Actor portrayals. Inspired by real patient experiences.



Let’s start by talking about terms: cells, DNA, genes, and proteins. It is
important to know these terms so that you can understand how your body
works. Then, you can learn how genetic diseases like beta (β)-thalassemia
affect the functions of your body.

Where to Start: Cells, DNA, Genes, and Proteins


Red blood cells

Cells are the building blocks of all living things. Inside cells is DNAa material that is in almost all living things that carries genetic information, which tells the cell what to do.

Red blood cells


Genes are made of DNA

Genea sequence of DNA responsible for controlling inherited traits are made of DNA. They are like an instruction manual for making the different parts of your body, including telling the cell how to make proteins.

Genes are made of DNA


Proteins are workers in the body that are made by cells

Proteinthe working component of your cells that is required for the structure, function, and regulation of your body’s tissues and organs are the workers of the cell. They perform different functions within your body to keep you healthy. Proteins also contribute to the structure, function, and regulation of your organs.

Proteins are workers in the body that are made by cells


Proteins are required for the structure, function, and regulation of your body’s tissues and organs Proteins are required for the structure, function, and regulation of your body’s tissues and organs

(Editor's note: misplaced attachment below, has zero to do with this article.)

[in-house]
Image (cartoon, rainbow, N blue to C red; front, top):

In order to work properly, your body relies on the ways that cells, genes, and proteins work together.

For instance, genes can instruct cells to make proteins that facilitate communication between cells in different parts of your body.

How Genes and Proteins Work Together

To better understand how genes and proteins work together, it may be helpful to first look at an example that is not related to beta-thalassemia: eye color.

As we said in the previous section, genes provide instructions to your cells. The instructions provided by your unique set of genes tell your cells to make certain proteins; these proteins then create an eye color that is unique to you. In other words, genes instruct cells to make proteins that are involved in the expression of a physical Traitan inherited characteristic (like eye color).

How Genes Are Passed Down

People inherit their genes from their parents. This is why children often look like their parents—they share physical traits (and other characteristics) that are determined by the genes they share with their parents.

In the below diagram, the genes are represented by the letters A and B.

Genotype diagram Genotype diagram

Eye illustration Eye illustration

It’s easy to see why your genes are so important, since they are responsible for creating the proteins that tell your body how to work, look, and function. Let’s take a closer look at the protein within red blood cells that is affected by beta-thalassemia.

Red Blood Cells and Hemoglobin

Red blood cella hemoglobin-containing cell that carries oxygen throughout your body play an important role in your body. Their job is to carry oxygen from the lungs to all of the cells throughout your body. Oxygen is like your body’s fuel—it is used to create energy.

Like all cells, red blood cells rely on a protein within the cell to do the actual work. In red blood cells, this protein is called Hemoglobina protein in your red blood cells that helps carry oxygen throughout your body; healthy adult hemoglobin contains iron and a balanced amount of beta‑globin and alpha‑globin proteins. The hemoglobin in your red blood cells does the work of carrying oxygen throughout your body. When red blood cells are healthy, each cell is densely packed with hemoglobin.

How Hemoglobin Is Formed